63
63
Mumuye Male Figure, Nigeria
Estimate
40,00060,000
LOT SOLD. 149,000 USD
JUMP TO LOT
63
Mumuye Male Figure, Nigeria
Estimate
40,00060,000
LOT SOLD. 149,000 USD
JUMP TO LOT

Details & Cataloguing

In Pursuit of Beauty: The Myron Kunin Collection of African Art

|
New York

Mumuye Male Figure, Nigeria

Provenance

Samuel J. Wagstaff, Jr., Detroit
Robert Mapplethorpe, New York
Christie’s, New York, Collection of Robert Mapplethorpe, October 31, 1989, lot 420
Lance and Roberta Entwistle, London, acquired at the above auction
Myron Kunin, Minneapolis, acquired from the above on December 5, 1991

Catalogue Note

The art of the Mumuye has recently been highlighted in two important exhibitions. The first, Central Nigeria Unmasked: Arts of the Benue River Valley, originated in 2011 at the Fowler Museum at UCLA and continued to, among others, the National Museum of African Art - Smithsonian Institution in Washington and the Musée du Quai Branly in Paris (for the accompanying catalog see Berns, Fardon and Kasfir 2011). The second was Visual Encounters: Africa, Oceania and Modern Art at the Fondation Beyeler in Basel (for the accompanying catalog see Wick and Denner 2009).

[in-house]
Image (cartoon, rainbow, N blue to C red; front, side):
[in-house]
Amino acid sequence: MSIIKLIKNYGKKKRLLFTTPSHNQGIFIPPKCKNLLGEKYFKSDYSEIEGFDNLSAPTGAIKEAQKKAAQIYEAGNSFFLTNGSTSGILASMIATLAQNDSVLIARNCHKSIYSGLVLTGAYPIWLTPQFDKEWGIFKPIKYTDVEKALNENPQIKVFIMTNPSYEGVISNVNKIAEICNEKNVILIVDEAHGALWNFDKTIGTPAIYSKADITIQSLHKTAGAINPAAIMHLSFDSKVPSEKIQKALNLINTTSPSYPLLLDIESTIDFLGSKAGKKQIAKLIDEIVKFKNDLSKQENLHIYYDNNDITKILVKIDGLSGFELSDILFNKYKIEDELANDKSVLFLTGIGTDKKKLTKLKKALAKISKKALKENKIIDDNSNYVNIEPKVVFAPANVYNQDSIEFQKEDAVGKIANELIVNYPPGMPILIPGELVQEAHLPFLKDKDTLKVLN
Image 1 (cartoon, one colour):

According to Stelzig (in Wick and Denner 2009: VIII): "The Mumuye live in a mountainous region in northeastern Nigeria, south of the Benue River.  Today, they number approximately half a million people, comprising, as far as one knows, several different populations.  The groups now subsumed under the ethnic denomination Mumuye retreated to the Shebshi Mouthains at the beginning of the 19th century under the growing pressure of invading groups such as the Chamba, Jukun, and Fulani.  In the course of British and French Colonial intrusion and the conquest of the region at the end of the 19th and the beginning of the 20th century, the Mumuye, located in the border area of Nigeria and Cameroon, gained the reputation of being tough and reclusive adversaries ready to fight for their lands.

"[...] these unique works, which are so admired today, did not reach Western museum and the international art market until the end of the 1960s, with the exception of two sculptures acquired by the British Museum in 1922.  As regards function, we only know that the figures were stored in special houses and were used by diviners, healers, judges, blacksmiths, and rainmakers in ceremonial contexts. Some of them also served as family guardian statues and as status symbols for powerful men."

In Pursuit of Beauty: The Myron Kunin Collection of African Art

|
New York